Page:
In accordance with safety protocols, Transformer Station is limiting the number of visitors in the museum. We are requiring visitors to register for FREE, timed “group” tickets.
Group tickets are available for admittance to the museum for two groups every thirty minutes during our visiting hours. These group tickets are for any visitor, up to a maximum of 5 visitors per group ticket. Social distancing and face masks are required while visiting the museum.
The tickets are available from our Eventbrite page, please register here.
Wednesday – Sunday:
11am – 5pm
Because of the increased demand in our neighborhood, Transformer Station now charging for parking. Parking will remain free for Transformer Station members who are visiting the museum. Just let us know that you are a member when you arrive. Join Transformer Station now!
Paying for parking by credit card is easy. Follow the instructions on the signage at the lot by phone or scanning a QR code. We look forward to increased access to convenient parking for our visitors and members.
Transformer Station cannot guarantee that any visitor will not contract COVID-19 while on Transformer Station premises. By visiting Transformer Station, all visitors voluntarily assume all risks related to COVID-19 exposure and accept and agree to abide by these guidelines and all other signage posted on Transformer Station premises. At least one visitor in the party must be over 18 years old; minors must be accompanied by an adult. Tickets can be requested for parties of no more than five (5). Transformer Station may deny any visitor entry once time slots and daily limits are reached.
Transformer Station will record visitors’ body temperature using a no-touch thermometer and deny entrance to anyone with a temperature of 100.4 degrees Fahrenheit or above. Transformer Station may also ask visitors questions that address possible COVID-19 symptoms recognized by the U.S. Centers for Disease Control and Prevention and other national, state, and local authorities, and deny entrance to or remove any visitor or members of that visitor’s party who report having COVID-19 or who, at the Transformer Station’s sole discretion, exhibit possible COVID-19 symptoms.
Visitors two (2) years of age and older must wear a face covering, consisting of a mask or cloth secured to the face that covers the nose and mouth. Visitors are responsible for providing their own face covering or shield.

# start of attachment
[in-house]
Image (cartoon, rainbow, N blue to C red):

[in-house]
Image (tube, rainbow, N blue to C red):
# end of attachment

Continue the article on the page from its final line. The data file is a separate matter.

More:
At all times, visitors must remain at least six (6) feet apart from others not in their party. Visitors must respect all posted signage and follow all Transformer Station rules and instructions. Any visitor, including members of that visitor’s party, who fails to follow Transformer Station signage, rules, and instructions, may be denied entry or be required to leave Transformer Station.
The information you provided for this reservation may be used to inform you about future exhibitions, events, and promotions or used to solicit for optional feedback via anonymous surveys; Transformer Station will not share your information with any third parties. You can unsubscribe from future communications by clicking the unsubscribe link in any email you receive from Transformer Station.
Please call 216-938-5429 or email us at firstname.lastname@example.org if you have questions. We welcome you back, and thank you for visiting.
A photograph “takes the world and makes it into something else,” says Aaron Rothman, whose interest lies in transformative rather than documentary photography. This exhibition surveys 10 years of Rothman’s studies of the landscape of the American West, a region with which he has a deep and long-standing personal relationship.
Don’t expect majestic, distant vistas of desert moonrises or sheer rock faces. Rothman instead looks up at the sky and down at scrubland, humbler rocks, and foliage. Through analog and digital photography and digital processing and printing, he transmutes these unpretentious fragments of nature into sensuous, sublimely beautiful images that hover between two- and three-dimensional space and vacillate between representation and abstraction.
Each of the 35 artworks in the exhibition began as a straightforward photograph; a few remain unaltered. Most, however, have been digitally manipulated using one of four processes. Values of light and dark are reversed in shots of the sky, rendering it darker at the horizon instead of lighter. In some landscapes, multiple views of a single scene, sometimes taken years apart, are layered to evoke a gentle dissonance of time and space. Shadowed areas in close-ups of plants and rocks are digitally replaced with lush, decorative colors. And in images of the Milky Way, Rothman generates a pointillist universe by letting sensor noise—an inescapable trait of digital cameras that photographers typically try to minimize—dominate the information being recorded, known as the signal.
Rothman’s images are not so much declarative statements as questions that investigate the relationship between the natural and the artificial. His journeys into the western landscape are explorations of digital photography’s ability to transform external reality into a subjective, imagined realm.